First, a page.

|It's a Wonderful Life|
Let’s say that you are among the large numbers of people who are desperately wondering how to prevent what’s left of their retirement investments and savings from vaporizing in the global economic meltdown.
If you’re a conscientious, concerned citizen, you may never have felt comfortable with where your savings were parked in the first place. Maybe they’ve been stashed in a socially responsible investment fund that screens out weapons manufacturers, but still funds big corporations that give little back to your community—like Wal-Mart. What should you do?
I called on Michael Shuman.
Michael Shuman blogs provocatively at www.smallmart.org and has been a leading voice for a growing movement to help people invest their money in the things that matter to them most—their communities, their quality of life, and the environment. He is also director of research and public policy at the Business Alliance for Local Living Economies.
I asked Shuman how small investors might shift their portfolios from Wall Street to their local communities. And his first answer was not encouraging. “This would be, sadly, a very short conversation,” he said. Admittedly, it is difficult to impossible to direct your equity investments or stock holdings, like the ones you may have in General Electric or a Fidelity mutual fund, toward community businesses. The maze of regulation and licensing to set that type of investment up is too intense and expensive for most community-scale ventures.
But as we considered the question more deeply and creatively, Shuman offered another possibility for the would-be community investor. “There’s a fair amount people are doing on the microlending side, with investors putting money into lending pools,” he said. And with that, he opened the gates to a world of quickly evolving financial vehicles carrying capital from ordinary people to the community ventures they want to support.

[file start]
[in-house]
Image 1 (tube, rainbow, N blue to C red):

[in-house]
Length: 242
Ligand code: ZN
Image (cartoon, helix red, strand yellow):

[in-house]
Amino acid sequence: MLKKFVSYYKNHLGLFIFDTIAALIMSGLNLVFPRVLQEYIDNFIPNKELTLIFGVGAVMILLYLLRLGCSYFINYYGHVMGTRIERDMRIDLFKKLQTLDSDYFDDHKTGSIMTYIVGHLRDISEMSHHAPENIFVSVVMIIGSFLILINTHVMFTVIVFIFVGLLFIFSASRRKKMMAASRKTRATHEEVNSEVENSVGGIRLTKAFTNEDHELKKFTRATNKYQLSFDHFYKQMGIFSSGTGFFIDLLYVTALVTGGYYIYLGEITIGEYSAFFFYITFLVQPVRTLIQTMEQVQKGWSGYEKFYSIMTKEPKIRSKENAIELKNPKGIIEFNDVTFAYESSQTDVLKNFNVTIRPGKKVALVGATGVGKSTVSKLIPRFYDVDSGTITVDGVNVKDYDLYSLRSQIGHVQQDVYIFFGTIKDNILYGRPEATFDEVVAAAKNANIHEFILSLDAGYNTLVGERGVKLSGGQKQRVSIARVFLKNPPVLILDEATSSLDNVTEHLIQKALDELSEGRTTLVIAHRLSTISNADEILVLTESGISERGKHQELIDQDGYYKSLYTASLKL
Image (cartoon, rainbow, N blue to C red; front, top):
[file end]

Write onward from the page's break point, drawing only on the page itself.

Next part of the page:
Oldies but Goodies
The appeal of investing in your own community isn’t new. If you’ve seen the 1946 film, It’s a Wonderful Life, you’ve witnessed Jimmy Stewart’s heroic speech to stave off a bank run on the Building and Loan Association. (It goes something like this: “I don’t have your money, George! It’s in Harry’s house! And Martha, your savings let the Wilsons build their house!”)
First, there is a network of loan and redevelopment funds that have quietly offered community-building investments for more than twenty years, using a variety of models with solid track records.
For instance, RSF Social Financing (www.rsfsocialfinance.org) is an investment fund on a mission “to fundamentally change the way the world works with money,” and that change began long before the collapse of 2008. The fund has been around for 72 years.
And second, there are credit unions, which keep the benefits of investing and banking closer to home. I spoke with Gene Pelham, president and CEO of the Rogue Valley Federal Credit Union (RFCU) (www.roguefcu.org), about his institution’s approach to community financing. “Virtually every dollar we take in stays in Southern Oregon,” he says. “And we’re committed to keeping it that way.” As a federally insured institution, RFCU must follow extensive regulations designed to protect every depositor. That protection still includes qualifying requirements for borrowers that don’t tend to welcome young or first-time entrepreneurs with more determination and inspiration than economic track record. Pelham doesn’t apologize for his credit union’s rigor. But he’s ready to embrace change in order to build his community. “All of us are going to have to take a little more risk in investing in each other,” he says.
Pelham hopes that Oregonians who are genuinely committed to community investment will think hard about where to put their own funds. “The threat I worry about,” he says, “is Internet banking. The INGs of the world can offer a higher interest rate because they don’t have our cost of service to the community and individual depositors. In fact, we subsidize them because they take in deposits through local institutions like us.” So choosing your money’s home on the basis of interest rate alone is likely to clash with the goals of community investment.